According to a further feature of the invention, the tray ends 39, 32 are extended downwardly'a limited dis tance below the/level of the fixed bottom wall 26 6f the tray, and to said extended ends are secured angle strips 48 which extend inwardly toward one another at a level such that they are spacedfrom the under face of the fixed bottom wall 26 a distance slightly greater than the thickness of said removable walls 34, 36, thus to form with said extended ends a pair' of supporting brackets serving to support the one or the other of the removable tray walls 34, 36 which is removed in'st'orage position.

In use of an easel provided with a tray structure as described, the removable top wall 36 of the tray may be completely removed and held in storage position by the aforesaid supporting brackets 48, as shown in Fig. 1,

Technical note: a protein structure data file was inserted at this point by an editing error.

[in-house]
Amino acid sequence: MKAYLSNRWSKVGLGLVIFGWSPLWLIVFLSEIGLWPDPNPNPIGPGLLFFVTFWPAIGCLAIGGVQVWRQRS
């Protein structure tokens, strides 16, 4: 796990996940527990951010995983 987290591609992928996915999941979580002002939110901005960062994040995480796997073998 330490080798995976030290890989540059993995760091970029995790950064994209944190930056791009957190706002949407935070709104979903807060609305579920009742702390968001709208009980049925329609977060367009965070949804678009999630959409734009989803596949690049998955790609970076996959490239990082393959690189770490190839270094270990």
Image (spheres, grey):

in which case the front wall 34 forms with the fixed rear, bottom and end walls of the tray structure a trough-like receptacle for receiving and holding chalk, crayons and the like being used as the drawing media. On the other hand, when using paint as the artists or drawing media, the front and top walls 34, 36 of the tray structure may be transposed as is shown in Fig. 2; that is, the top or paint-jar retaining wall 36 is placed in its active position in which it forms a support and retainer for the plurality of paint jars used in painting, and the front wall 34 is removed and placed in the storage position wherein it is held by the brackets 48. It will'be observed that, when such transposition of the removable tray walls'34, 36 is elfected, the front side of the tray is completely open, so that the space within the tray interior not taken up by the paint jars may be used for the storage of paint brushes, cleaning cloths, etc. On the other hand, and referring to Fig. 3 should the student or artist using the easel prefer that the tray be closed at its front side while painting, the tray front wall 34 may be taken from its storage position and slid into place in the slideway provided by the vertical retaining strips 40 and the end-blocks 42 which support the top wall in place.